### Description

#### LeetCode 23

Merge k sorted linked lists and return it as one sorted list. Analyze and describe its complexity.

Example:

Input:
[
1->4->5,
1->3->4,
2->6
]
Output: 1->1->2->3->4->4->5->6

### Analysis

Based on the idea of MergeSort, it is easy to come up with the method of selecting the minimum element each time. And extend the result linked list. The time of selecting the minimum element is $$O(k)$$. And we need to do this when a new element is added. So the time of this method is $$O(kn)$$.

However we could find more efficient methods to solve this problem. There are two directions.

First, if we observe this problem carefully, we could find the problem can be divided into subproblem recursively. And the subproblems could be merged easily. Remember if a problem satisfies these features, we should come up with Divide-and-Conquer method. For this problem, if we divide the k linked lists into two parts, the parts could be divided as this recursively. And the two parts could be merged by the method of merging two sorted lists. So is Divide-and-Conquer method efficient for this problem? Let’s look at the recursion.

$$T(k)=2T(k/2)+O(n)$$

Thinking of the recursive tree, the time is $$O(nlogk)$$.

The second direction is that if we use the $$O(kn)$$ method, we can find that we just change one element each time. If we select the minimum element one by one each time, some time is wasted. So a useful data structure is needed. It is the priority queue. It is based on heap. The feature of priority queue is we can return the minimum element with $$O(1)$$. The time of adding a new element or deleting the minimum element are both $$O(logk)$$. So we could use priority queue to store the linked lists. Then delete the minimum-value linked list of the priority queue and extend it to the result linked list. And add the next node of the head of the linked list to the priority queue. We should do this for all the elements. So the time of this method is $$O(nlogk)$$.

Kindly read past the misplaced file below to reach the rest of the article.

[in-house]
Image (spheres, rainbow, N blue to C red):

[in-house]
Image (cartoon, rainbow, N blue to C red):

### Solution

//Merge with Divide And Conquer

/**
* public class ListNode {
*     int val;
*     ListNode next;
*     ListNode(int x) { val = x; }
* }
*/
class Solution {
public ListNode mergeKLists(ListNode[] lists) {
if(lists==null||lists.length==0) return null;
return helper(lists,0,lists.length-1);
}
public ListNode helper(ListNode[] lists,int low,int high)
{
if(low==high) return lists[low];
int mid=(high-low)/2+low;
return merge(helper(lists,low,mid),helper(lists,mid+1,high));
}
public ListNode merge(ListNode l1,ListNode l2)
{
if(l1==null) return l2;
if(l2==null) return l1;
if(l1.val<l2.val)
{
l1.next=merge(l1.next,l2);
return l1;
}
else
{
l2.next=merge(l1,l2.next);
return l2;
}
}
}

//Priority Queue

/**
* public class ListNode {
*     int val;
*     ListNode next;
*     ListNode(int x) { val = x; }
* }
*/
class Solution {
public ListNode mergeKLists(ListNode[] lists) {
if(lists==null||lists.length==0) return null;
PriorityQueue<ListNode> pq=new PriorityQueue<>(lists.length,(a,b)->a.val-b.val);
ListNode res=new ListNode(0);
ListNode p=res;
for(int i=0;i<lists.length;i++) { if(lists[i]!=null) pq.add(lists[i]); } while(pq.size()>0)
{
ListNode tmp=pq.poll();
p.next=new ListNode(tmp.val);
p=p.next;
tmp=tmp.next;
if(tmp!=null)